In fact, over the past several years, public-health officials have championed the idea that an AIDS-free generation could be within reach — even without a vaccine. To offer more perspective: Swaziland, a tiny African nation, has the world’s highest rate of H. The crisis is most acute in Southern states, which hold 37 percent of the country’s population and as of 2014 accounted for 54 percent of all new H. Sturdevant has two daughters from an early marriage and three grandchildren, but he says he feels just as strongly about his 16 or so unrelated “children,” most of them living with H. “Young black men feel abandoned and need someone they can believe in and who believes in them,” Sturdevant said as he drove past fields of fluffy cotton, his hands resting lightly on the steering wheel. “I’ve had everything — diarrhea, hemorrhoids, now this neuropathy,” he said. and to avoid the small-town gaze at the local facilities; there is no Gay Men’s Health Crisis for him to visit in his small town, as there would be if he lived in New York. “At the hospital, they know my mom and my brother and my grandmother. Gottlieb said he is often asked why he didn’t include in that first report the documented case of the gay African-American man, who had both PCP and cytomegalovirus, a virus that attacks the organs of patients with compromised immune systems. “But we just couldn’t get the administration to focus on a domestic plan.”Greg Millett, a senior scientist for the C. “During the Bush years, the administration dropped all pretense that they cared about AIDS in this country,” said Millett, who is now the vice president and director of public policy at amf AR, the Foundation for AIDS Research. All the major black publications collaborated in a highly visible campaign to spotlight the disease as a major health crisis. testing — and the number of congregations participating in the Black Church Week of Prayer for the Healing of AIDS ballooned to more than 10,000. The lack of research to create a coherent explanation was further confounded by a reluctance on the part of some scientists and activists to perpetuate the dangerous myth of black women as sexually promiscuous — another holdover from slavery. in high numbers, provided a “bridge to infection” to black heterosexual women, a phrase I first heard from researchers at a medical conference. In my reporting for both The Times and Essence, I found no shortage of anecdotal accounts of H. V.-positive women who were infected by male partners who had been having sex with other men in secret. This idea made a certain amount of sense in the frustrating absence of scientific data. Keith Boykin, a former Clinton White House aide, became so incensed by the down-low hysteria that he wrote a 2005 best-selling book, “Beyond the Down Low: Sex, Lies and Denial in Black America.” “Because the whole down-low story was doing a disservice to the black gay community and creating a racially troubling narrative that black men who have sex with men were villains, I felt I had to step in and correct the record,” said Boykin, a CNN commentator who teaches at Columbia University’s Institute for Research in African-American Studies. and black gay and bisexual men, wrote a heartfelt open letter to the talk-show host. “Hold hands and bow your heads — and take off that hat,” he said to Tommy Brown, who had rushed in from his job at Popeyes.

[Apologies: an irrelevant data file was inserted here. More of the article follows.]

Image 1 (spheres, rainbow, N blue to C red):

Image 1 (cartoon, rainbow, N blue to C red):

But in certain pockets of the country, unknown to most Americans, H. “I told God I want to be able to help guys like me, that didn’t grow up with their father, and they started coming to me, wanting to talk. Then he turned down a dead-end street and pulled up in front of the one-story brick home where Jordon lived. “My body hates me.” Once a month, his mother or grandmother drove him to medical appointments in Jackson, to receive care from providers experienced in treating people living with H. I would rather be around people who don’t know me.” Too ashamed to admit that he had the virus, Jordon had told few friends about his diagnosis.“Are you taking your medicine? He explains that he discovered the case after the report was finalized. community that would rise up to demand government action. Black churches created AIDS ministries and offered H. During the 2004 election, the PBS journalist Gwen Ifill brought the issue to the mainstream stage as the moderator for the vice-presidential debate. P., who famously announced, “Now is the time for us to face the fact that AIDS has become a black disease.”Most of the lock-step mobilization efforts focused on preventing the disease in black women, who, for the most part, were contracting the virus through sex with male partners. Given the confusion, it was simplest to latch onto the most provocative idea: that black gay men, who we knew were also contracting H. As the theory went, closeted black gay men were using women as unsuspecting “cover girls” to hide their sexuality and then infecting them with H. As a black lesbian myself, I understood the stigma, shame and fear that could drive black gay men to create seemingly straight lives while sleeping with men — and end up unwittingly infecting their female partners with H. “I think the near-decade-long obsession with the down low diverted our attention into what was really a side issue.”In 2010, after Oprah Winfrey ran her second show about the down low, again featuring King, Dr. Malebranche, a black physician and one of the country’s foremost experts on H. “We are not all self-loathing, secretive, unprotected-sex-having, disease-ridden liars,” Malebranche wrote. outreach and education that proved successful to black women never translated to black gay men — and the excessive focus on the down low sucked away critical time, energy and resources. The willowy young man snatched off his baseball cap, embroidered with the fast-food chain’s red-and-orange logo, and lowered his head.
“They met on an online dating site called Badoo,” Jackson City Court Judge Blake Anderson read from an affidavit.